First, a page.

That's a long-winded explanation of what it means to do research. Every day you try to learn more or come up with a better answer and many times you do. Each time you do, you get a little thrill out of seeing an answer that makes just a little bit more sense. After a while you stop getting better answers but you never quite know that there isn't one just a little better waiting to be found. Each new answer gets you closer to true understanding but you rarely recognize it when the instant of true understanding arrives. Instead, it's after much time has past and no one (including yourself) has found a better answer that you begin to realize that perhaps you had found the best answer.
Anyway, here it was just before my talk, in front of Pluto's discoverer, and I'd just learned that I didn't know as much as I thought I knew. I didn't let it bother me though. This happens all the time in research and as long as you let everyone know where the limits of your understanding are, you've still done a good job.
I always enjoy talking about Pluto, particularly when I get a chance to let people in on what I've learned. This particular talk was a once-in-a-lifetime treat that few ever get to experience. Here I was, talking about my favorite planet, in front of the man who found Pluto in the first place. Not only that, but I had an opportunity to thank him in person. I feel very fortunate to have had the chance to thank the person responsible for what has become my life's work. Not many people are this fortunate.
Oh, the talk went well and no one fussed that I didn't quite have the final answer. I was a little disappointed when there weren't many questions afterward. I always feel like I've failed when there are no questions. There is no such thing as complete knowledge and I love to excite the curiosity of an audience.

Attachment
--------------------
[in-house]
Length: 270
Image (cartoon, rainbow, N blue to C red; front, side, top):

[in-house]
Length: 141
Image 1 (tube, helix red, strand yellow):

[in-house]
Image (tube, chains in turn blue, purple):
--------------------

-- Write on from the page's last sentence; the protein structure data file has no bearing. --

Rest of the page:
The saving grace for the afternoon was the presentation for Clyde Tombaugh after my talk. Reta Beebe brought in a bunch of elementary school kids to act as representatives for many of you participating in the LHST program. There were boxes and boxes of cards, a couple of hand painted T-shirts and a video with some kids singing happy birthday to Clyde (he turned 90 just a couple of weeks earlier). What I didn't know was that Reta would troop the kids in and sit them down to see my new Pluto maps. Reta asked me to show my video tape of the maps and I was only too happy to oblige.
I showed my new maps, explaining what we were seeing (you'll see them soon too). Then, to my surprise, I was flooded with questions! Why can't we see craters? What's the surface made of? I can't remember all of the questions, there were so many. I concluded with telling them about the mission to Pluto that NASA has been studying that could begin to answer all these questions in full detail. I think we all got caught up in the excitement and promise such a mission provides for the future. Let's hope that somehow we can all find a way to get there together.